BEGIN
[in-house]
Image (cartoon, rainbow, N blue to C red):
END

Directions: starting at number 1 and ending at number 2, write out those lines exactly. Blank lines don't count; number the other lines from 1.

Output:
[in-house]
Image (cartoon, rainbow, N blue to C red):